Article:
Although risk factors often influence the development of cancer, most do not directly cause cancer. Some people with several risk factors never develop cancer, while others with no known risk factors do. Knowing your risk factors and talking about them with your doctor may help you make more informed lifestyle and health care choices.
The earliest signs of oral cavity and oropharyngeal cancer may be mistaken for other problems, such as a toothache or cold. If symptoms persist for several days or weeks, it is important to see your doctor so that, if oral cancer is present, it can be diagnosed as soon as possible. Many of these symptoms can be due to other, less serious problems or other cancers.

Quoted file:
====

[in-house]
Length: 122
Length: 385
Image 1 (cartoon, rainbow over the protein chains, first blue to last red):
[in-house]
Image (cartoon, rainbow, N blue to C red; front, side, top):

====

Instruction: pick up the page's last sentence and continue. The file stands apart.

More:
The human papillomavirus (HPV) is an infection that can be transmitted through sexual contact, unwashed hands and saliva. HPV 16 and 18 have been linked to oral cancer. It is estimated that over 50% of all oral cancers are associated with HPV lesions. A vaccine is now available to prevent infections from HPV 16 and 18.
Did you know that April is Oral, Head and Neck Cancer Awareness month? The Oral Cancer Foundation tells us that nearly 54,000 Americans will be diagnosed with oral or oropharyngeal cancer this year. Of the people newly diagnosed with these cancers, only about 57% will live longer than five years. Often, this type of cancer […]read more »